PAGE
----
I became severely unwell following the birth of my son Liam in 2012. I’d had a dreadful pregnancy after doctors discovered potentially life-threatening cysts on his lungs around 20 weeks. My husband and I spent the next 10 weeks thinking we would lose him. Incredibly, Liam survived and thrived as we clung to hope all the while continuing my stressful TV producer job on auto-pilot.
Liam’s arrival should have been the end of a horrific chapter but, unbeknown to us, the worst was yet to come. From the first day or so I stopped sleeping. I literally couldn’t sleep even when I had the chance. My brain raced and I became increasingly irritable and erratic. I fixated on my post-natal treatment and ranted over the hospital’s lack of care and the state of the WA health system.
Once home, I obsessed over breastfeeding and lashed out at everyone close to me. Yet, somehow, I had some insight. I clearly remember thinking something’s not right and saying over and over I “need help”. So I doctor shopped over the space of several days and took medication I knew was wrong for me. The medication sent me over the edge and full blown mania and psychosis followed. My speech became pressured, I heard phantom crying and I couldn’t sit still.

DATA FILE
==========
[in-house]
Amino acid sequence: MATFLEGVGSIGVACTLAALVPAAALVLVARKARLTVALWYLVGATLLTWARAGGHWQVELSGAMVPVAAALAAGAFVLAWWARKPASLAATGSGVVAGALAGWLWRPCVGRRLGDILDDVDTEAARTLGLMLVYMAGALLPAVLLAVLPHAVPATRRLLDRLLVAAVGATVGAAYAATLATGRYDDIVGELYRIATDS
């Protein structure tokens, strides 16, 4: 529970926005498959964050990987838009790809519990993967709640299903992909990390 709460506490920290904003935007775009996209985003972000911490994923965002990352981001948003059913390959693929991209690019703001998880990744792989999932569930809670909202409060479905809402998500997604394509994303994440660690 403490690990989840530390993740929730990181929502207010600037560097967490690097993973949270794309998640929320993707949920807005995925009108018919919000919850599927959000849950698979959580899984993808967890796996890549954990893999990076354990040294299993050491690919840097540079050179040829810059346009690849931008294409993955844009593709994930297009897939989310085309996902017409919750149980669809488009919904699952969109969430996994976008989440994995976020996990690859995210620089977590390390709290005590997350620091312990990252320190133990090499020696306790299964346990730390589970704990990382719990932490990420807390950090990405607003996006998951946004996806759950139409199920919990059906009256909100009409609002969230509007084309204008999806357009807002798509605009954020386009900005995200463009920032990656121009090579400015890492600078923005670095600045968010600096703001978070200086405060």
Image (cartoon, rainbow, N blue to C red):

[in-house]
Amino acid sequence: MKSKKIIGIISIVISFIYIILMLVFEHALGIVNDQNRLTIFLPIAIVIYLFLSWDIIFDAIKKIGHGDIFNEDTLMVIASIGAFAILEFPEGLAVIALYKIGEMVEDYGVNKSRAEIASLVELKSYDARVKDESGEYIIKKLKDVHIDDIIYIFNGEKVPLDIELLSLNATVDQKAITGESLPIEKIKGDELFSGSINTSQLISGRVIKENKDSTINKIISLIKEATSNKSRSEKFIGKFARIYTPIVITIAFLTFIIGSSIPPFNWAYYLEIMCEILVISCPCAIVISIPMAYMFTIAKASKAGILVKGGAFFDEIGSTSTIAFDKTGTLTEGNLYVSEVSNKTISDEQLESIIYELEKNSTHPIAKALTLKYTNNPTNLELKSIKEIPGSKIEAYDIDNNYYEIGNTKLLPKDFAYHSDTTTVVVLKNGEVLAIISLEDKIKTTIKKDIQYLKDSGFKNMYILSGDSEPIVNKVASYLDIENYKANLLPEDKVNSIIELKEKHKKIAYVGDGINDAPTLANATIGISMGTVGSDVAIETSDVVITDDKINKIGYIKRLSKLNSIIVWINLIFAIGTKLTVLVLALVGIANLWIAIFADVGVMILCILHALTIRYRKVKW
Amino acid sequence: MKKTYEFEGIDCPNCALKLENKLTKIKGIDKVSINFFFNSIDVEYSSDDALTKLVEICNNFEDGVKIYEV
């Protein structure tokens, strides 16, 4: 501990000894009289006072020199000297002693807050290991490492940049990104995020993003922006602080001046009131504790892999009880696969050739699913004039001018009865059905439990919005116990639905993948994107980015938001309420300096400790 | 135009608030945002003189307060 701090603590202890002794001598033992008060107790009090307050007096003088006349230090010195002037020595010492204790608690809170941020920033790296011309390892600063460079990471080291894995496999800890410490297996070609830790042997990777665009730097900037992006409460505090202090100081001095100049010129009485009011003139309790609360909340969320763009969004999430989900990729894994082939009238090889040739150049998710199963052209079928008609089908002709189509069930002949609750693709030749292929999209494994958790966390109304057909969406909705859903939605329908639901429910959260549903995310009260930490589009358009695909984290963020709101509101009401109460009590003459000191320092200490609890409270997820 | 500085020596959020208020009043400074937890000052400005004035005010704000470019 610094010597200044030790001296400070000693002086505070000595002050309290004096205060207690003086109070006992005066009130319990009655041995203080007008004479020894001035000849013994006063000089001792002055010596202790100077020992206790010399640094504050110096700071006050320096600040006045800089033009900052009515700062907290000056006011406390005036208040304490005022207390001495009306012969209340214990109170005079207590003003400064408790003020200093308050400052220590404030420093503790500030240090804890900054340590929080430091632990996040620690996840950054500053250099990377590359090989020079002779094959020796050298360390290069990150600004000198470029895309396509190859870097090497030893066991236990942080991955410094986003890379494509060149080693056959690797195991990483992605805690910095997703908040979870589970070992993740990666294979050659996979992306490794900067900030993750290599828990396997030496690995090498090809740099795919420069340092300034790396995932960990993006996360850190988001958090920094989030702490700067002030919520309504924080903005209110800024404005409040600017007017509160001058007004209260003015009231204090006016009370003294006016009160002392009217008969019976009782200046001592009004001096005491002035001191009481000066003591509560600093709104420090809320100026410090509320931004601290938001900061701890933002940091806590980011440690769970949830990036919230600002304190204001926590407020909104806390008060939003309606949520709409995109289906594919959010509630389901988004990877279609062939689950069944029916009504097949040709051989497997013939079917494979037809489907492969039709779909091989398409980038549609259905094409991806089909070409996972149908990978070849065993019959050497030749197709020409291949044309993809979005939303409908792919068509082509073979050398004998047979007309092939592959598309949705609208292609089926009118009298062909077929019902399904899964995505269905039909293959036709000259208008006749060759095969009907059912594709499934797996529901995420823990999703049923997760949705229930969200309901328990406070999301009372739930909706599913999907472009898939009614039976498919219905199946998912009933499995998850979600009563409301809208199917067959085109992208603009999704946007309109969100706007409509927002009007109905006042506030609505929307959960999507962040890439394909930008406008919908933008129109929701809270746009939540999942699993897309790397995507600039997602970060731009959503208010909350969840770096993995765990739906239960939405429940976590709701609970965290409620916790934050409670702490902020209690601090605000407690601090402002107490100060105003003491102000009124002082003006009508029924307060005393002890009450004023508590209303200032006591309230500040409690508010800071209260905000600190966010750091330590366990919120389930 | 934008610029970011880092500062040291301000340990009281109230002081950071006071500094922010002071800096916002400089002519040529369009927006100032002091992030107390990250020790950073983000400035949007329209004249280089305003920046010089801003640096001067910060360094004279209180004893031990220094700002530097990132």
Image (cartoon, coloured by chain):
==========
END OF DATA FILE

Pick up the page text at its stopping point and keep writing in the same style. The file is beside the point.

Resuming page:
Roughly three weeks after delivering my very much wanted baby boy, I admitted myself to hospital. I spent four days in Royal Perth’s psychiatric unit. I was then transferred to Perth’s Mother Baby Unit (MBU) and salvation began. I spent months under the care of a psychiatrist who delivered the devastating diagnosis (post-natal bipolar, psychosis and shades of post-traumatic stress) and opened the door to my recovery. I spent four months in the MBU: 2.5 months for the mania; 5 weeks for the depression.
What came next? The hardest but most rewarding years of my life. I’ve learnt to live and parent with Bipolar, I’ve learnt to accept and take pride in my diagnosis, I’ve blogged about my experience and I’m now working towards a career in mental health. There’s no one thing that got me well. Medication, peer support, respite, psychiatric care, mindfulness and WRAP(Wellness Recovery Action Plan). All of these things helped. But most of all it was down to ME. I did it.
“Breaking down nearly broke me but I’m living proof that recovery is possible and that a breakdown can be a breakthrough.” Keryn, Perth (October, 2016)
"Breaking down nearly broke me but I'm living proof that recovery is possible and that a breakdown can be a breakthrough."
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